> understand the term in this context at all) iterator to exist. 
> Conversely, an array is hardly thinkable without a linear iterator.

Given the structure:

class Node
{	Node left;
	Node right;
	...data...
}

how do you iterate that with an iterator? This is what I mean by 
'linearizing' it. The STL sidesteps the problem by avoiding providing 
such a container.
November 04, 2006
Re: foreach vs. iterators
Oskar Linde wrote:
> Sean Kelly wrote:
> 
>>  From this it seems clear that foreach is not sufficiently adaptable 
>> to meet the needs of all sequential algorithms and opIndex is not a 
>> reasonable substitute for all cases where foreach may not be used.  
>> What alternatives do we have?  So far, iterator variants are all I've 
>> been able to come up with.
> 
> 
> I agree, and I have been saying this countless times. :)
> 
> Why don't we come up with a standard iterator concept for D?
> For a forward iterator, C++ has:
> 
> *i
> i++ / ++i
> i != end

One big concern I have with the current iterators is that the approach 
supported for the general case is deemed too inefficient for built-in 
arrays.  So arrays are special-cased by the compiler in the foreach 
logic to become more like a simple for loop.  But I want that speed for 
foreach-ing my own classes too!  Why should I be satisfied with less 
that peak performance for *my* classes if it's not considered good 
enough for built-in classes?

I have to pay this penalty even if my class is a simple wrapper around 
an array, that say does nothing more than add an opAdd so I can add two 
arrays together.


Plain old C++-style iterators don't have that problem.  For simple cases 
iter++  bascially compiles down to be equivalent to pointer manipulation.

--bb
November 04, 2006
Re: foreach vs. iterators
Bill Baxter wrote:
> Benji Smith wrote:
>> Bill Baxter wrote:
>>
>>> There's no way I can see to stop that juggernaut before it's done, 
>>> short of having it return, and if it returns then it'll lose its 
>>> state. Conceptually what you need is a 'yield' that keeps the current 
>>> stack frame alive, but returns to the caller.
>>
>>
>> But then your object can only have one iterator at a time, and what if 
>> you want to have multiple simultaneous iterators for any given object? 
>> The 'yield' keyword can only keep track of state for a single 
>> iterator, so this kind of code would fail:
>>
>>   foreach (Item outerItem; collection) {
>>     foreach (Item innerItem; collection) {
>>       doSomething(outerItem, innerItem);
>>     }
>>   }
> 
> No it wouldn't.  Not if you had support for real coroutines.  That's the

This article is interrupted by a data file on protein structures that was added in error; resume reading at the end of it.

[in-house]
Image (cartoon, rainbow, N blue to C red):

> whole point of coroutines.  You can have multiple stack frames active at 
> the same time.   Each stack frame for the opApply's in the above case 
> would have its own local iterator state.
> 
> Now whether or not coroutines are realistically implementable in a 
> systems programming language like D is beyond me.  Stackless Python 
> folks did it, but perhaps they're taking advantage of the fact that 
> users of interpreted code are a bit more forgiving about runtime 
> overhead, and the fact that the interpreter has its own notion of the 
> stack that doesn't depend on low-level processor details like EAX 
> registers etc.  But technically I don't see any roadblocks.  I mean I 
> read somewhere that coroutines are an old assembly programming trick, so 
> the hardware is certainly capable of supporting the paradigm at the low 
> level.  It's basically just a jmp plus a manipulation of the stack 
> pointer when it comes right down to it.
> 
> --bb

I would direct your attention to StackThreads:

http://assertfalse.com/articles/stFAQ.shtml

Pyd uses this nifty package to wrap a class's opApply function with 
Python's iteration interface. (Which uses iterator objects with a 
.next() method.) The magic may be found in this bit of code:

http://www.dsource.org/projects/pyd/browser/trunk/infrastructure/pyd/iteration.d

-- 
Kirk McDonald
Pyd: Wrapping Python with D
http://pyd.dsource.org
November 04, 2006
Re: foreach vs. iterators
Bill Baxter wrote:
> Now whether or not coroutines are realistically implementable in a 
> systems programming language like D is beyond me.  Stackless Python 
> folks did it, but perhaps they're taking advantage of the fact that 
> users of interpreted code are a bit more forgiving about runtime 
> overhead, and the fact that the interpreter has its own notion of the 
> stack that doesn't depend on low-level processor details like EAX 
> registers etc.  But technically I don't see any roadblocks.  I mean I 
> read somewhere that coroutines are an old assembly programming trick, so 
> the hardware is certainly capable of supporting the paradigm at the low 
> level.  It's basically just a jmp plus a manipulation of the stack 
> pointer when it comes right down to it.

It's not so easy to implement in the general case (asm code takes 
advantage of special, easy cases). To make it work, you need to allocate 
the stack frame of the coroutine on the heap. Not impossible, but a lot 
of work involved.
November 04, 2006
Re: foreach vs. iterators
You're right about that being a problem with opApply.